Mandy Kota: Empowering teenage girls to become unstoppable women
The media constantly creates narratives that influence the way we communicate, learn and interact with the world around us. Social media has amplified many of the issues young people face, including body image.
Mandy Kota felt this pressure of growing up. She labelled herself “the nice girl” in her schooling years, hesitant to try new things in fear of what people may think and how it would jeopardise such a label.
“The media amplifies a superficial and unhealthy narrative of what it means to be physically beautiful,” she explains.
Such narratives are problematic because they distract girls from growing an understanding of who they really are and what kind of life they want to live.
After learning of the growing rates of depression and anxiety among young girls, Mandy resigned from her career as a paediatric speech pathologist and founded Flourish Girl.
“The aim with Flourish Girl is to create safe spaces for teenage girls across Australia so they can identify the barriers that stop them from being themselves and fully self-express,” her website reads.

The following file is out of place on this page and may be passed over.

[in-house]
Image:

“Flourish Girl provides them with the right tools to help them navigate through these barriers.”
Identifying as Sri Lankan-Australian, Mandy is still learning how to embrace her roots whilst trying to break the stigma of mental health in the Sri Lankan community.
Girls feel pressured to be certain way by their family, and they want to do their parents proud, especially their mums.
“Both want to connect with each other but they sometimes don’t know how,” she explained.
Through Flourish Girl, Mandy also looks at empowering and strengthening the mother-daughter relationship of teenage girls, and one of her biggest supporters is her mum.
“My mum is love on legs, she is my role model and she continues to support me on this new journey,” she said.
But, Mandy’s passion and drive to empower teenage girls does not stop there. She has recently entered the modelling world, using the platform to reach out to more girls and to show them that they can define beauty on their own teams.
“I want girls to know that they can feel empowered without succumbing to the pressure to look a certain way,” she said.
I want girls to know their values are more important than their appearance, and that if I can say no to things, other girls can feel empowered to say no, too.
If you are a mum wanting to connect with your teenage daughter or if you are a teenage girl wanting to learn more about how to navigate through life, Mandy would love to have a conversation with you.